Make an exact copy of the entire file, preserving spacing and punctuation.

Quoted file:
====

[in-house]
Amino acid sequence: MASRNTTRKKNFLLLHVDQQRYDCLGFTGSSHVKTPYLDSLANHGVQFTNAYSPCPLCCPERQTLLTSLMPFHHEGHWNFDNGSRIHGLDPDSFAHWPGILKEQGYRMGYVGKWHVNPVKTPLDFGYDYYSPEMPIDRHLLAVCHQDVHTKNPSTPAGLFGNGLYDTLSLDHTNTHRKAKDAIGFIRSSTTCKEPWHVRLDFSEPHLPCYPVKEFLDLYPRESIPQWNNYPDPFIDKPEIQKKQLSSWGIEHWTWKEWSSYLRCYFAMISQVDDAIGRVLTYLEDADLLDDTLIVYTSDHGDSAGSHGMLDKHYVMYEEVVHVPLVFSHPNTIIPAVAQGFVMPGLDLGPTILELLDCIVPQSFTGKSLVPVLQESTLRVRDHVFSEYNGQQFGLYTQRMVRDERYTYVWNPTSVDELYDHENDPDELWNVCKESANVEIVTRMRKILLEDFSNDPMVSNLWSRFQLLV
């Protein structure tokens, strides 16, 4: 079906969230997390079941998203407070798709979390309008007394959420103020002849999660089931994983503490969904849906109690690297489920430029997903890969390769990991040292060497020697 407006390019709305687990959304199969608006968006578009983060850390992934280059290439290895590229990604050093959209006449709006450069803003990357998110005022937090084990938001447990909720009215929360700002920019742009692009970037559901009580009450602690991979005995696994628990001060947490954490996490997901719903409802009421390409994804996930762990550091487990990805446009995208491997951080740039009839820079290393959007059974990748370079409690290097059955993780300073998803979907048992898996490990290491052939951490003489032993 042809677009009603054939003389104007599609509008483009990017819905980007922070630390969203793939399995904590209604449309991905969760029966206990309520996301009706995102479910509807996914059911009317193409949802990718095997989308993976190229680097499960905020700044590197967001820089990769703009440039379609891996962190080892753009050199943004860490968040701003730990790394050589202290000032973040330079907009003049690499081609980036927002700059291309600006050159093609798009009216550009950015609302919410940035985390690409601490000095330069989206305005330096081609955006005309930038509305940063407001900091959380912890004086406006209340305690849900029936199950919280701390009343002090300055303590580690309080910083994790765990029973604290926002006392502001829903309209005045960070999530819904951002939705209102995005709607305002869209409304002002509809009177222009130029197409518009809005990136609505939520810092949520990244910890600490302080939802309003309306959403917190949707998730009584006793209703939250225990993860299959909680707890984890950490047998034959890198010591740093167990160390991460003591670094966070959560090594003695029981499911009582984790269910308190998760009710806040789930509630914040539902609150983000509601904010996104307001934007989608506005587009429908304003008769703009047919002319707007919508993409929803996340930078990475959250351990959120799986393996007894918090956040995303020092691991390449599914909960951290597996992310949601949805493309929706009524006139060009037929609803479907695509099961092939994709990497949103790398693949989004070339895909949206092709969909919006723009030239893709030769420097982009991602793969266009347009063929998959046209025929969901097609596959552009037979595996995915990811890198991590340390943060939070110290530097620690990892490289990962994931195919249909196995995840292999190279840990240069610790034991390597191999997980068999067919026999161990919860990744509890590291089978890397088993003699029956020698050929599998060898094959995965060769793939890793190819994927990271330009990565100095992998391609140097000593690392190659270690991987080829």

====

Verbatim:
[in-house]
Amino acid sequence: MASRNTTRKKNFLLLHVDQQRYDCLGFTGSSHVKTPYLDSLANHGVQFTNAYSPCPLCCPERQTLLTSLMPFHHEGHWNFDNGSRIHGLDPDSFAHWPGILKEQGYRMGYVGKWHVNPVKTPLDFGYDYYSPEMPIDRHLLAVCHQDVHTKNPSTPAGLFGNGLYDTLSLDHTNTHRKAKDAIGFIRSSTTCKEPWHVRLDFSEPHLPCYPVKEFLDLYPRESIPQWNNYPDPFIDKPEIQKKQLSSWGIEHWTWKEWSSYLRCYFAMISQVDDAIGRVLTYLEDADLLDDTLIVYTSDHGDSAGSHGMLDKHYVMYEEVVHVPLVFSHPNTIIPAVAQGFVMPGLDLGPTILELLDCIVPQSFTGKSLVPVLQESTLRVRDHVFSEYNGQQFGLYTQRMVRDERYTYVWNPTSVDELYDHENDPDELWNVCKESANVEIVTRMRKILLEDFSNDPMVSNLWSRFQLLV
């Protein structure tokens, strides 16, 4: 079906969230997390079941998203407070798709979390309008007394959420103020002849999660089931994983503490969904849906109690690297489920430029997903890969390769990991040292060497020697 407006390019709305687990959304199969608006968006578009983060850390992934280059290439290895590229990604050093959209006449709006450069803003990357998110005022937090084990938001447990909720009215929360700002920019742009692009970037559901009580009450602690991979005995696994628990001060947490954490996490997901719903409802009421390409994804996930762990550091487990990805446009995208491997951080740039009839820079290393959007059974990748370079409690290097059955993780300073998803979907048992898996490990290491052939951490003489032993 042809677009009603054939003389104007599609509008483009990017819905980007922070630390969203793939399995904590209604449309991905969760029966206990309520996301009706995102479910509807996914059911009317193409949802990718095997989308993976190229680097499960905020700044590197967001820089990769703009440039379609891996962190080892753009050199943004860490968040701003730990790394050589202290000032973040330079907009003049690499081609980036927002700059291309600006050159093609798009009216550009950015609302919410940035985390690409601490000095330069989206305005330096081609955006005309930038509305940063407001900091959380912890004086406006209340305690849900029936199950919280701390009343002090300055303590580690309080910083994790765990029973604290926002006392502001829903309209005045960070999530819904951002939705209102995005709607305002869209409304002002509809009177222009130029197409518009809005990136609505939520810092949520990244910890600490302080939802309003309306959403917190949707998730009584006793209703939250225990993860299959909680707890984890950490047998034959890198010591740093167990160390991460003591670094966070959560090594003695029981499911009582984790269910308190998760009710806040789930509630914040539902609150983000509601904010996104307001934007989608506005587009429908304003008769703009047919002319707007919508993409929803996340930078990475959250351990959120799986393996007894918090956040995303020092691991390449599914909960951290597996992310949601949805493309929706009524006139060009037929609803479907695509099961092939994709990497949103790398693949989004070339895909949206092709969909919006723009030239893709030769420097982009991602793969266009347009063929998959046209025929969901097609596959552009037979595996995915990811890198991590340390943060939070110290530097620690990892490289990962994931195919249909196995995840292999190279840990240069610790034991390597191999997980068999067919026999161990919860990744509890590291089978890397088993003699029956020698050929599998060898094959995965060769793939890793190819994927990271330009990565100095992998391609140097000593690392190659270690991987080829």